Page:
September 26th, 1974. 1:00 PM
The Annie Slocumb whom I had asked Beth about was a waitress at Jackey-Boy’s Diner. We had met during my first trip through Nastoria when, before she took my order, she pointed out that the detective novel I was reading was really quite boring and predictable. I was far enough into it to realize she was right, but with nothing else to read I had decided to stick with it until I could get my hands on something else.
When she delivered my club sandwich, Annie also brought me a paperback book.
“Here, throw that one out, read this instead, you’ll thank me.” And then she scribbled a few lines on her pad of paper, tore off the sheet, and handed it to me. “Then read these, they’re really good, you’ll love them.”
Over the next few months I went through each of Annie’s recommendations, and they remain some of the best books I’ve ever read.
On my second trip here, I was lucky enough to catch Annie just as she was getting off of work. And, since she remembered me, I asked her to sit down for chat while I ate my dinner. Several hours and topics later, I left Jackey-Boy’s with too many cola’s in my belly, and the knowledge that I had made a new friend.
A few times I had overheard some of the regulars in the diner say that Annie was too smart to be living here and working as a waitress. I, however, had always thought that if someone loves where they are and what they’re doing, then staying there and doing just that was the most intelligent decision they could make.
I was really looking forward to seeing Annie when Shirley and I found ourselves in Downtown Nastoria – a sprawling metropolis consisting of the eatery I was looking for, and a bank which appeared to be closed.
The lunchtime crowd was made up mostly of men who wore baseball caps they got free for buying heavy machinery or chainsaws. All but one of the 15 or so tables was occupied, so upon sitting down, I officially had made it a full house.
I looked around to see if Annie was working, and spotted her immediately. I threw a big wave in her direction, more to say hello than to ask for service, and after seeing me she navigated her way through the labyrinth of tables and booths to where I was sitting.
Annie was a Rubenesque woman of 34, a year younger than me, with straight dark hair that stopped just above her shoulders. Physically, she hadn’t changed a bit in the last two years or so, but there was something different about Annie today. Something not good.
She smiled when she got to my table, but the corners of her mouth seemed strained, and they quivered a bit like the arms of a weightlifter trying to keep a massive amount of steel over his head, and then crashed down just as quickly. In fact, in my business, her smile would probably be described as faux. Though she was looking me straight in the eye, her focus seemed to shift from several inches behind my head, to an equal distance in front of my face.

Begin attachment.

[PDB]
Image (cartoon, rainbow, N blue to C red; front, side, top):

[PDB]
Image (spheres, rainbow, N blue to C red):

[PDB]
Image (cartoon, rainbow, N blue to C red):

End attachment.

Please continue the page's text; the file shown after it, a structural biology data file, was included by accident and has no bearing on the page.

“Sam, hi. It’s so good to see you,” she said, trying to force as much of a pleasant tone into her words as she could – and she couldn’t force much.
I noticed that her right hand was clutching tightly at the chain around her neck. On that chain hung the class ring of her husband, Stuart. They’d been a couple since junior high, and married just out of high school. Stuart was everything to Annie, and she had told me that whenever she touched that ring, she felt just as in love with Stuart as she was when he asked her to marry her at their senior prom.
“Club sandwich?” She said, remembering my two previous orders.
“You know it.” I gave her my best smile. Nothing. And when she let go of the chain to write the order down, I saw the reason for mood: the ring was gone.
I said a quick prayer to myself, hoping that it was just the ring that was missing and not what it symbolized. But I could tell from Annie’s face that this wasn’t the case.
“Be right back,” she said before turning and walking into the kitchen.
As I looked around the diner, I made eye contact with an older woman with a bluish tint to her white hair sitting in a booth a few feet from me.
“Annie’s not herself today, huh?” I asked.
The woman leaned forward, apparently all to happy to whisper a bit of gossip to someone who didn’t yet know.
“Her husband left her. For another woman, I heard.” She nodded a few times, then leaned back. She surveyed the room, hoping no had caught her in the not-so-polite act of talking about someone behind their back.
When Annie returned with my sandwich I smiled as big as I could without looking phony, and instantly knew I had failed at that task.
“So,” I cleared my throat, looked at the sandwich, then back at Annie. “I’m going to be needing something to read, soon? Any suggestions?”
“I got something in the back, I’ll bring it out ‘fore you leave.” And again, she turned and left.
Though I had been looking forward to a Jackey-Boy’s club sandwich, I don’t think I tasted one bite of the one that I ate that day. I spent my lunch between the proverbial rock, which was wanting to help someone I considered a friend, and its constant companion, the hard place, of minding my own business.
When she came back to hand me the check, I felt I had to say something. Hopefully it wouldn’t turn out as badly as when my curiosity got the better of me during the whole April May’s Souvenir Shop debacle. I thought about mentioning the fact that she forgot to bring me the book she promised, but wisely kept my mouth shut on that concept.
“Annie,” I said, trying not to sound flippant, but also trying to make it appear that I hadn’t really noticed her change of demeanor. “I’m going to be around later, if maybe you’d like to knock back a few more colas, catch up a bit. What do you say?”
Annie smiled, and though it wasn’t very big, it was at least the first genuine one I’d seen from her that day. “Sam, I’m sorry. I’m just not in a good place right now. I’m happy to see you, I am, but I’ve just got some stuff on my mind.”
“Okay, well maybe next time.”